Interact API dataflow
The following figure shows a simple implementation of the Interact API. A visitor logs into a web site and navigates to a page which displays offers. The visitor selects an offer and logs out. While the interaction is simple, there are several events which occur both in the touchpoint and the runtime server.
When a visitor logs in, this triggers a startSession.
Diagram showing simple implementation of the Interact API dataflow
In this example, the startSession method does four things. First, it creates a new runtime session. Second, it sends a request to load the customer profile data into the session. Third, it sends a request to use the profile data and start an interactive flowchart to place the customer into segments. This flowchart run is asynchronous. Fourth, the runtime loads any offer suppression and global and individual offer treatment information into the session. The session data is held in memory for the duration of the session.
The visitor navigates the site until the visitor reaches a pre-defined interaction point. In the figure, the second interaction point (Select choice) is a place where the visitor clicks a link that presents a set of offers. The touchpoint manager configured the link to trigger an executeBatch method.
Diagram of the API call triggering the executeBatch method
The executeBatch method enables you to call more than one method in a single call to the runtime server. This particular executeBatch calls two other methods, getOffers and postEvent. The getOffers method requests a list of offers. The runtime uses the segmentation data, the offer suppression list, the treatment rules, and the learning module to propose a set of offers. The runtime returns a set of offers which are displayed on the content page.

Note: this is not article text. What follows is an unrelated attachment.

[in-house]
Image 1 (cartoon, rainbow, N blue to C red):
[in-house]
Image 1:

The postEvent method triggers one of the events defined in the design environment. In this particular case, the event sends a request to log the offers presented to contact history.
The visitor selects one of the offers (Pick offer).
Diagram showing the postEvent method
The button associated with selecting the offer is configured to send another postEvent method. This event sends a request to log the offer acceptance to response history.
The visitor, after selecting the offer, is finished with the web site and logs out. The log out command is linked to the endSession method.
Diagram showing the end of the API workflow (the endSession method)
The endSession method closes the session. If the visitor forgets to log out, there is a configurable session timeout to ensure that all sessions eventually end. If you want to keep any of the data passed to the session, such as information included in parameters in the startSession or setAudience methods, work with the person who creates interactive flowcharts. The person who creates an interactive flowchart can use the Snapshot process to write that data to a database before the session ends and that data is lost. You can then use the postEvent method to call the interactive flowchart containing the Snapshot process.
This example is very simple (the visitor only takes four actions - log in, navigate to page that displays offers, select an offer, and log out - which is a simple interaction) to show the basics of how the API works between your touchpoint and the runtime environment. You can design your integration to be as complicated as you need (within the limits of your performance requirements).